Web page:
There are the regular garden variety banned books such as: The Color Purple,The Great Gatsby, I Know Why the Caged Bird Sings, Lord of the Flies, Of Mice and Men, One Flew Over the Cuckoo's Nest, Maus and the ever popular, ever controversial To Kill a Mockingbird. All old hat in the current scheme of things. And then there is the current ALA Top Ten with a heavy emphasis on the sexuality and gender identification of teens and young people.
The Current Top Ten Challenged Books for 2021
According to the ALA Office for Intellectual Freedom. The best seller rankings are from Amazon.com and can be found for each title in the “Product Detail” section. Some of these books have multiple editions and formats and their rankings may vary from what is shown here. These ratings were compiled on September 22, 2022 and may have changed somewhat since then. Here is the ALA release with reasons why the 10 books on the list were challenged.
1. Gender Queer (2019)
Best Sellers Rank: #1,126 in Books
2. Lawn Boys,(2019)
Best Sellers Rank: #3,581 in Books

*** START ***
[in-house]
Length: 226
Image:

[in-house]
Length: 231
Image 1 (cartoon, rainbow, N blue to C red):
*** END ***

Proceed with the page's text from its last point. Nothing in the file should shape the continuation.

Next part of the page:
3. All Boys Aren’t Blue, (2020)
Best Sellers Rank: #1,522 in Books
#16 in Censorship & Politics
4. Out of Darkness (2015)
Best Sellers Rank: #65,394 in Books
5. The Hate You Give (2022)
Best Sellers Rank: #2,225 in Books
6. The Absolutely True Diary of a Part-Time Indian (2009)
Best Sellers Rank: #1,018 in Books
#9 in Children's Social Skills
7. Me and Earl and the Dying Girl (2012)
Best Sellers Rank: #1,436,156 in Books
#2,218 in Teen & Young Adult Friendship Fiction
#22,424 in Contemporary Literature & Fiction
8.The Bluest Eyes (1994)
Best Sellers Rank: #3,982,570 in Books
9. This Book is Gay (2015)
Best Sellers Rank: #266,713 in Books
10. Beyond Magenta (2014)
Best Sellers Rank: #196,606 in Books
#301 in Teen & Young Adult Biographies
#11,228 in LGBTQ+ Books
Fortunately a few cooler heads are around to offer alternatives to all the sturm und drang. One notable and creative work-around came from the Brooklyn Public Library ; its Books-Unbanned campaign offers free access to its collection and waives the non-resident fee for any young person nationwide who might want to access its collection for these and other titles.
Other fight back actions come from sites like bookriot.com. Here, somewhat edited, are some of their suggestions: